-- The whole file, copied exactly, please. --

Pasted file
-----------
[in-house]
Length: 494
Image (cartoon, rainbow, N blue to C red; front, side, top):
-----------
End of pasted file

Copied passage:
[in-house]
Length: 494
Image (cartoon, rainbow, N blue to C red; front, side, top):